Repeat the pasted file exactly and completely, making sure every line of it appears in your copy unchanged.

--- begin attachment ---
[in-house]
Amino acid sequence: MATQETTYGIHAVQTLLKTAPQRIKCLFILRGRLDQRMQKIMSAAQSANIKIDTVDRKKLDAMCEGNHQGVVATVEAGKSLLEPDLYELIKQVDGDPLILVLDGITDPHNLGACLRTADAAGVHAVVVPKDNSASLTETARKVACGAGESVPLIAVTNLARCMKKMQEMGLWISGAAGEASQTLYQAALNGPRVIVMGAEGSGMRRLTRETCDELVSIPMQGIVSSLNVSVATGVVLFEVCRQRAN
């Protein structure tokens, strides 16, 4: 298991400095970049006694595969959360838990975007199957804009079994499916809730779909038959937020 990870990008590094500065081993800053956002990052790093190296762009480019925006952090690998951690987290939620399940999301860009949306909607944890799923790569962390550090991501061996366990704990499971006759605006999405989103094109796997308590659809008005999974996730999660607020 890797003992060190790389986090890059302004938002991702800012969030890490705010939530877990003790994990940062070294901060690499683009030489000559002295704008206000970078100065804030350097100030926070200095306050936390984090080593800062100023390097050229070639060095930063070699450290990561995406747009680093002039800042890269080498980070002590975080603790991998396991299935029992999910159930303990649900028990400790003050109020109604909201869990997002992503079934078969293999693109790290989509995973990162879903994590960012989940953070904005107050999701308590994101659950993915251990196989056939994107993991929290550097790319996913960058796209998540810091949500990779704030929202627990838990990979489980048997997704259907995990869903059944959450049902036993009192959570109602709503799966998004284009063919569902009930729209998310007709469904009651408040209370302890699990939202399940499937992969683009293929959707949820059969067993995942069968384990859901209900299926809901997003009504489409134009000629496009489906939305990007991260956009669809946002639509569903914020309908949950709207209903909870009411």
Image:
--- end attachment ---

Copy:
[in-house]
Amino acid sequence: MATQETTYGIHAVQTLLKTAPQRIKCLFILRGRLDQRMQKIMSAAQSANIKIDTVDRKKLDAMCEGNHQGVVATVEAGKSLLEPDLYELIKQVDGDPLILVLDGITDPHNLGACLRTADAAGVHAVVVPKDNSASLTETARKVACGAGESVPLIAVTNLARCMKKMQEMGLWISGAAGEASQTLYQAALNGPRVIVMGAEGSGMRRLTRETCDELVSIPMQGIVSSLNVSVATGVVLFEVCRQRAN
């Protein structure tokens, strides 16, 4: 298991400095970049006694595969959360838990975007199957804009079994499916809730779909038959937020 990870990008590094500065081993800053956002990052790093190296762009480019925006952090690998951690987290939620399940999301860009949306909607944890799923790569962390550090991501061996366990704990499971006759605006999405989103094109796997308590659809008005999974996730999660607020 890797003992060190790389986090890059302004938002991702800012969030890490705010939530877990003790994990940062070294901060690499683009030489000559002295704008206000970078100065804030350097100030926070200095306050936390984090080593800062100023390097050229070639060095930063070699450290990561995406747009680093002039800042890269080498980070002590975080603790991998396991299935029992999910159930303990649900028990400790003050109020109604909201869990997002992503079934078969293999693109790290989509995973990162879903994590960012989940953070904005107050999701308590994101659950993915251990196989056939994107993991929290550097790319996913960058796209998540810091949500990779704030929202627990838990990979489980048997997704259907995990869903059944959450049902036993009192959570109602709503799966998004284009063919569902009930729209998310007709469904009651408040209370302890699990939202399940499937992969683009293929959707949820059969067993995942069968384990859901209900299926809901997003009504489409134009000629496009489906939305990007991260956009669809946002639509569903914020309908949950709207209903909870009411």
Image: